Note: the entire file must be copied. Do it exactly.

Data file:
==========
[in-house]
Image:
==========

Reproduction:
[in-house]
Image: